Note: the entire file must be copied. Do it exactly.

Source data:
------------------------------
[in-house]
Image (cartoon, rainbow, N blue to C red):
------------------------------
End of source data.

[in-house]
Image (cartoon, rainbow, N blue to C red):